This Sunday, Do We Lack What the Wise Men Had?

We are all on a journey to find Christ in the darkness, and there is no better model to follow than the magi on The Epiphany of the Lord this Sunday.

Because the fact is, the magi needed several things to find God:  years of study, an arduous journey, and the willingness to utterly demean their own self-importance. And they needed to know that they were seeking something so crucial that it was worth all that.

What could possibly be worth all that? Nothing less than the one power that makes human life bearable, according to St. John Paul II. But we’re getting ahead of ourselves.

First, the Wise Men needed years of investigating the physical universe: Of knowing the world as they found it.

St. John Chrysostom wrote about how God attracted the magi to worship the newborn king not by doing miracles, but through natural phenomena.

“What should he have done? Sent prophets?” he asks. “But the magi would not have submitted to prophets. Uttered a voice from above? No, they would not have listened. Sent an angel? But even him they would have hurried by.” Instead, says Chrysostom, “dismissing all those means, God calls them by the things that are familiar, in exceeding condescension; and he shows a large and extraordinary star, so as to astonish them, both at the greatness and beauty of its appearance, and the manner of its course.”

God has been calling people in all places and all times through the grand design apparent in his universe. But in a special way in the centuries leading up to his incarnation, the whole world had its eyes on the order of the cosmos — the logos.

About 500 years before Christ, Confucius and Lao Tzu in China were driven to help human beings live according to the order of the universe, or the “Tao.” Plato and Aristotle at around the same time were trying to understand the logos so as to live in conformity with it. The centuries before Christ saw the rise of the Romans who actively tried to apply physics and philosophy to the physical and legal infrastructure of their empire.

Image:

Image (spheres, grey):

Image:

God put the same neon sign in the sky for all of them to see, the Star of Bethlehem, inviting them to seek out what had gone wrong. The magi noticed and followed because, as they put it: “We saw his star at its rising and have come to do him homage.”

They alone had what it took to read the sign: a hunger for deeper meaning alongside an intricate knowledge of the stars.

But the star didn’t get them all the way to Jesus. They needed help for that.

After the wise men visited Herod, he assembled the “chief priests and scribes” — those who know Scripture thoroughly. Herod asked them “where the Christ was to be Born” and they cited Scripture to say “In Bethlehem of Judea.” Herod passed their answer on to the magi.

The Wise Men listened and went to Bethlehem, and when they got there, the evidence of the star and the Scriptures aligned. But they couldn’t get there on their own. They needed the magisterium — at any rate, the Mosaic magisterium of the chief priests and scribes.

It’s significant that they listened even to religious leaders who were morally compromised. These were chief priests and scribes who were willing to cozy up to the wicked King Herod — and chief priests and scribes who, though they knew the savior was to be born in Bethlehem, did nothing to seek him out and, presumably, did nothing to stop Herod from trying to kill him.

Many of us today refuse to listen to the Church because we see how cozy some of its leaders have been with the wickedness of the world. We are right to be scandalized, but we make an error when we assume — in practice, at least — that the wickedness of some Catholic leaders is a sign that God has abandoned the Church and that it is no longer a trustworthy source of truth.

We trust in the teaching office of the Church not because of the power and purity of men, but because of the power and purity of God, who always works through weak instruments.

Last, the magi do something extraordinary — and extraordinarily undignified.

They do homage to a baby. Their actions and their gifts show just how much they understood:

  • They prostrate themselves in front of the child, showing that they understand his divinity.
  • They give him the royal gift of gold and the religious gift of frankincense, showing that they acknowledge him as king and priest, says St. Thomas Aquinas.
  • They also give him myrrh, used in burying the dead, acknowledging his humanity, he adds.